Now, let’s talk about the system-wide search. When you go to the Home settings and then search your phone, you’ll see a new option called Always Show Keyboard that didn’t exist before. Your only way to access this option on Android 12 was by tapping the ellipses at the top-right corner. Additionally, you’ll notice a noticeably smaller overlay card. You can also search for your screenshots directly from the system-wide search.

Unfortunately, Google removed some of the features we saw in the previous betas of Android 13, such as the ability to search YouTube and Google Maps directly from the system-wide search. Google only kept their Play Store shortcut and removed the ability to access the system-wide search from the home screen. Moreover, the web suggestions are also removed from the system-wide search, and all we get are local results.

Notification Shade and Quick Settings

The first change is in the expand animation on the notification shade. As you swipe down slowly, you’ll notice totally different animations in both. Moving on to the Quick Settings, there are more options in Android 13, including the ability to toggle the One-Handed Mode on or off, the Scan QR Code option, and the Color Correction tile that can turn the feature on or off.

The Screen Record option now gives you the option to activate the Show Touches on Screen preference, which wasn’t the case in 12. Additionally, the Device Control style has been renamed to Home, and the icon has been updated. Lastly, if you go inside the Home page, you’ll notice a small arrow next to My Smart Speakers that doesn’t exist in Android 12.1.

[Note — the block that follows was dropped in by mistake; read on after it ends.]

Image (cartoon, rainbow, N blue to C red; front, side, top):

The power settings and the Edit buttons are now placed differently, with the settings on power at the bottom right corner and the Edit button on top of them. Furthermore, the power button has a fill color when you expand the Internet Time and then tap on the See All button to access the settings, and the card itself will expand into the settings page on Android 13. However, in Android 12.1, it will dismiss your notification shade first and then go to the Internet page.

If you have any apps running in the background like YouTube Music, for example, you’ll see a new task manager with Android 13 that will show you how many apps are running with the ability to stop each app by tapping on this button. The Screencast tile got a redesigned overlay card that has Material You support and matches the device theme, using a dark color. The tiles are also slightly thinner in Android 13 when compared to 12.1, and it’s more noticeable in the edit mode.

The Internet tile has a highlight on your mobile network if you’re using cellular data with Android 13, and Google is using a smaller font which makes the card shorter.

Media Controls

Lastly, let’s talk about the media controls. They got a complete redesign with Android 13. First of all, the album art now fills the entire background instead of showing only as a thumbnail with a solid background. Additionally, the buttons are now outlined instead of using actual text.

Alright, that’s it for the side-by-side comparison of Android 13 with Android 12.1 on Pixel devices. I hope you found this article helpful. If you have any questions or comments, please leave them below, and I’ll get back to you soon. Thank you for reading!